Carbon Neutrality or Climate Neutrality is when the net GHG emissions associated with an entity (person, corporate or organization), product or activity (service or event) is measured as Zero. We strive to be Carbon Neutral in order to pay for emissions reductions that we cannot avoid. When we book a meeting with Gaest.com, we cannot prevent that some energy will be used and some waste created; but we can pay for an equivalent amount of CO2 to be absorbed by a reforestation project.
What is reforestation?
Reforestation is defined by UNFCCC as “The direct human-induced conversion of non-forested land to forested land through planting, seeding and/or the human-induced promotion of natural seed sources, on land that was forested but has been converted to non-forested land.”
Again, in layman’s, Reforestation is the conversion of degraded lands (with very little capacity to absorb and store CO2) into green and pleasant forests that absorb CO2 as they grow and regenerate. Quite simply, forests are the earth’s lungs and promoting the growth of more diverse, luscious forests are essential if we’re to combat all the CO2 we’re creating.
Forests act as carbon sinks on earth; besides which forests conserve soils, host and nurture species. Reforestation not only helps mitigate climate change but also increases the resilience and biodiversity of local communities. In the Gaest project, local communities conduct sustainable livelihoods through the management and sale of timber and cacao, which is harvested at a rate that doesn’t reduce the overall size and capacity of the forest in which they work and live.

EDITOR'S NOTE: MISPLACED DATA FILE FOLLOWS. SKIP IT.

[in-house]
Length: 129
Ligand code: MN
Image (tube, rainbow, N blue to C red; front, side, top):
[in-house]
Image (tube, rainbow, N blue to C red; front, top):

What is the Carbon Trade eXchange (CTX)?
The CTX is the first global electronic exchange for the voluntary carbon market, operating successfully since 2009, over which time tens of millions of tonnes of CO2 reductions certified by the major international standards have been securely transacted by corporates, project developers, brokers and NGOs. In addition, CTX provides advisory and brokerage services to companies who want to offset their Carbon Footprint and obtain Carbon Neutral status. CTX is a wholly-owned subsidiary of Global Environmental Markets (GEM).
What is the CO₂OL?
The CO₂OL is a solution partner for sustainable business. The experts work with businesses for a responsible economy, for the sensitive use of limited resources and for the preservation of ecosystems. Focusing on forestry projects, CO2OL is a major provider of land use based carbon offsets from all over the world. The CO₂OL team is part of ForestFinest Consulting GmbH, a leading consultancy service provider for sustainable land use projects.
For more information, please contact;
Corey Morris, CMO of Gaest.com | email@example.com